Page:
10. Pesaran, H. Hashem & Shin, Yongcheol, 1998. "Generalized impulse response analysis in linear multivariate models," Economics Letters, Elsevier, vol. 58(1), pages 17-29, January.
  11. Artis, Michael J & Zhang, Wenda, 1995. "International Business Cycles and the ERM: Is there a European Business Cycle?," CEPR Discussion Papers 1191, C.E.P.R. Discussion Papers.
  12. Emanuele Baldacci & Ding Ding & David Coady & Giovanni Callegari & Pietro Tommasino & Jaejoon Woo & Manmohan S. Kumar, 2010. "Public Expenditureson Social Programs and Household Consumption in China," IMF Working Papers 10/69, International Monetary Fund.
  13. M. Ayhan Kose & Eswar Prasad & Christopher Otrok, 2008. "Global Business Cycles," IMF Working Papers 08/143, International Monetary Fund.
  14. Pula, Gabor & Peltonen, Tuomas A., 2009. "Has emerging Asia decoupled? An analysis of production and trade linkages using the Asian international input-output table," Working Paper Series 0993, European Central Bank.
  15. Kwanho Shin & Chan-Hyun Sohn, 2006. "Trade and Financial Integration in East Asia: Effects on Co-movements," The World Economy, Wiley Blackwell, vol. 29(12), pages 1649-1669, December.
  16. Matthieu Bussière & Bernd Schnatz, 2009. "Evaluating China’s Integration in World Trade with a Gravity Model Based Benchmark," Open Economies Review, Springer, vol. 20(1), pages 85-111, February.
  17. Barry Eichengreen & Hui Tong, 2005. "Is China's FDI Coming at the Expense of Other Countries?," NBER Working Papers 11335, National Bureau of Economic Research, Inc.
  18. Jeffrey A. Frankel & Andrew K. Rose, 1996. "The Endogeneity of the Optimum Currency Area Criteria," NBER Working Papers 5700, National Bureau of Economic Research, Inc.
  19. Martin S. Feldstein, 2011. "The Role of Currency Realignments in Eliminating the US and China Current Account Imbalances," NBER Working Papers 16674, National Bureau of Economic Research, Inc.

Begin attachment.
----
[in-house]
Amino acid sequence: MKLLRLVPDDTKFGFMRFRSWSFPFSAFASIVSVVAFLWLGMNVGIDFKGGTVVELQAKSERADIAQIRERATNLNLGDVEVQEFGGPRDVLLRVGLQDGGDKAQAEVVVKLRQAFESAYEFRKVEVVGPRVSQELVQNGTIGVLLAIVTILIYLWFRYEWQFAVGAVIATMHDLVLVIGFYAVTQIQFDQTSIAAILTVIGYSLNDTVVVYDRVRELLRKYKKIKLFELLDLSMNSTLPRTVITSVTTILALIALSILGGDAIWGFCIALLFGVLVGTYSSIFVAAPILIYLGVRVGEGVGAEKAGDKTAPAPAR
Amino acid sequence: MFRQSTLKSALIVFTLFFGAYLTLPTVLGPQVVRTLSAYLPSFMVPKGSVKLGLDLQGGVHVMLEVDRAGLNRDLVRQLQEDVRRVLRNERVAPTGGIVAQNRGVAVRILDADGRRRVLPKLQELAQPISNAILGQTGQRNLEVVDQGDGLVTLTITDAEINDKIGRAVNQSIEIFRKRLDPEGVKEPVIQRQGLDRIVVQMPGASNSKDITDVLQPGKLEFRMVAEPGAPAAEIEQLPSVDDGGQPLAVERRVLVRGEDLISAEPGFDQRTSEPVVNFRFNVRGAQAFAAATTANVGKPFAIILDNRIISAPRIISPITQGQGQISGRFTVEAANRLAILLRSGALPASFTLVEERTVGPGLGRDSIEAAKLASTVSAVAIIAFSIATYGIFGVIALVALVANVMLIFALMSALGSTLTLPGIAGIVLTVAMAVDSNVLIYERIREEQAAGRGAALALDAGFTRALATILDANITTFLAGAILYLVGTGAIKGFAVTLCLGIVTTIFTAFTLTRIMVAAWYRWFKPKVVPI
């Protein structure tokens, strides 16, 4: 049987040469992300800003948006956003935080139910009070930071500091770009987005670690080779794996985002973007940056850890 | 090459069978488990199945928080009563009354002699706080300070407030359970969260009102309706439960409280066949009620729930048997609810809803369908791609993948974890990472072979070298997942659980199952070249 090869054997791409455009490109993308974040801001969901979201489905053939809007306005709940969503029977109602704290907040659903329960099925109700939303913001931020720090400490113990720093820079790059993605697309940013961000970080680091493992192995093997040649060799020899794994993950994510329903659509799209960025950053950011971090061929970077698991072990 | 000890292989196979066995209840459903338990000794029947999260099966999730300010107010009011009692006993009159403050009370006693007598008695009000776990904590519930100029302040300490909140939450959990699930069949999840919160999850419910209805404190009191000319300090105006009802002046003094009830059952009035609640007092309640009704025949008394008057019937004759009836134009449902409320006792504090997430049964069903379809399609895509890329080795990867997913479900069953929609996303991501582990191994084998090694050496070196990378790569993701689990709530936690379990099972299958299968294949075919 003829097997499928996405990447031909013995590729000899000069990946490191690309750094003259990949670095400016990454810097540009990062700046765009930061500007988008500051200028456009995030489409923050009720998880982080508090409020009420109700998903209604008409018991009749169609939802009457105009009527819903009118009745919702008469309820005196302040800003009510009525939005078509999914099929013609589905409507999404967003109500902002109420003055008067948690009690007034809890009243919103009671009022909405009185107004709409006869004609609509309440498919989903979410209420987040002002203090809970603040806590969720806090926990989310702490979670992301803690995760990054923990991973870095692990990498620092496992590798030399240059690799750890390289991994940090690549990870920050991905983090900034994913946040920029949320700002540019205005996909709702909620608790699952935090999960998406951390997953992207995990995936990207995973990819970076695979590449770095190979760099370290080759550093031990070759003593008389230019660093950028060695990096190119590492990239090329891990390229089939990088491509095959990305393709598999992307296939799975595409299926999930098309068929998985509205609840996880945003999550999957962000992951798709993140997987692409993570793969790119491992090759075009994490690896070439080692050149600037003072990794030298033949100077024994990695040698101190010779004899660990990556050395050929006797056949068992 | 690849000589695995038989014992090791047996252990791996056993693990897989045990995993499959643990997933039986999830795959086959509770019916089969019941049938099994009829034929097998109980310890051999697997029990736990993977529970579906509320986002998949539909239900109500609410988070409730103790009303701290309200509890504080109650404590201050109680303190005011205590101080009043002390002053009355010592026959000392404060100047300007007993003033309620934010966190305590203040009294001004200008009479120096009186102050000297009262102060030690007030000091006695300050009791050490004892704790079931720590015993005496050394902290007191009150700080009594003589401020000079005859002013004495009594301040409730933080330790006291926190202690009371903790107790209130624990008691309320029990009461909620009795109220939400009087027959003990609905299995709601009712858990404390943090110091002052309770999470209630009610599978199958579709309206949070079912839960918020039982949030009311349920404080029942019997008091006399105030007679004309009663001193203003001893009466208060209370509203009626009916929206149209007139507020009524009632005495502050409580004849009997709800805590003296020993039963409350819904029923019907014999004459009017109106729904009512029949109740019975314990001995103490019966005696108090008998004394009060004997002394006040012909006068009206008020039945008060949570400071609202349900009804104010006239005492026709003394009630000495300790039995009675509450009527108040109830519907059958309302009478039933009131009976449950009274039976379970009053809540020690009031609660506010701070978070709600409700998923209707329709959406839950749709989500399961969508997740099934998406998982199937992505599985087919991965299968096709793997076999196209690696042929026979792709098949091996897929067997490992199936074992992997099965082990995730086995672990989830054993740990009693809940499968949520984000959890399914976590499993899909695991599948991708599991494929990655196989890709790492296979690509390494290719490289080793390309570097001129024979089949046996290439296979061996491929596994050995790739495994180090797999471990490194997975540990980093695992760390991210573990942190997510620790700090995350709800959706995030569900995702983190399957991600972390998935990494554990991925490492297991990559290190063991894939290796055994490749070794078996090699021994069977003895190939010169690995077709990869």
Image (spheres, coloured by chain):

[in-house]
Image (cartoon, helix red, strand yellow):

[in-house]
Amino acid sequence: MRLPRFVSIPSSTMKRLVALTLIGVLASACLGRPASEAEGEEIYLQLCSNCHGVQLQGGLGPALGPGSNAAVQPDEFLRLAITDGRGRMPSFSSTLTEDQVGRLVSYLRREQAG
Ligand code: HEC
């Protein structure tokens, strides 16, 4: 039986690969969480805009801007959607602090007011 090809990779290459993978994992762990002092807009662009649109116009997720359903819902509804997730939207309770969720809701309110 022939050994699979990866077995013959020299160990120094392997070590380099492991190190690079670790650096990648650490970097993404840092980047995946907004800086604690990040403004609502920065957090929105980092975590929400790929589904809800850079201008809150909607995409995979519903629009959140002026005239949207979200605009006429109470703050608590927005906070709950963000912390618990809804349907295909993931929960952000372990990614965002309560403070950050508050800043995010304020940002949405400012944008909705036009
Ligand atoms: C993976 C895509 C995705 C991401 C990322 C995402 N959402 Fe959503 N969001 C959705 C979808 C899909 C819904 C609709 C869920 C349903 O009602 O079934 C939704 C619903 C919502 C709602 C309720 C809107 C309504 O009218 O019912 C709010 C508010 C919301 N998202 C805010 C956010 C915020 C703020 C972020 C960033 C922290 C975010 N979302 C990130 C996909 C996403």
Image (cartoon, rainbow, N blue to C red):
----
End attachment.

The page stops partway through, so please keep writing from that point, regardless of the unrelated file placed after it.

20. Martin, Feldstein, 2011. "The role of currency realignments in eliminating the US and China current account imbalances," Journal of Policy Modeling, Elsevier, vol. 33(5), pages 731-736, September.
Full references (including those not matched with items on IDEAS)

Citations

Citations are extracted by the CitEc Project, subscribe to its RSS feed for this item.
as in new window

Cited by:
  1. Dreger, Christian & Zhang, Yanqun, 2013. "On the relevance of exports for regional output growth in China," Discussion Papers 331, European University Viadrina Frankfurt (Oder), Department of Business Administration and Economics.
  2. Matkovskyy, Roman, 2012. "Прогнозування Реакції Економіки України На Економічні Шоки В Сусідніх Державах: Глобальна Векторна Авторег�," MPRA Paper 44717, University Library of Munich, Germany, revised Nov 2012.

Lists

This item is not listed on Wikipedia, on a reading list or among the top items on IDEAS.

Statistics

Access and download statistics

Corrections

When requesting a correction, please mention this item's handle: RePEc:diw:diwwpp:dp1151. See general information about how to correct material in RePEc.

For technical questions regarding this item, or to correct its authors, title, abstract, bibliographic or download information, contact: (Bibliothek).

If you have authored this item and are not yet registered with RePEc, we encourage you to do it here. This allows to link your profile to this item. It also allows you to accept potential citations to this item that we are uncertain about.

If references are entirely missing, you can add them using this form.

If the full references list an item that is present in RePEc, but the system did not link to it, you can help with this form.

If you know of missing items citing this one, you can help us creating those links by adding the relevant references in the same way as above, for each refering item. If you are a registered author of this item, you may also want to check the "citations" tab in your profile, as there may be some citations waiting for confirmation.

Please note that corrections may take a couple of weeks to filter through the various RePEc services.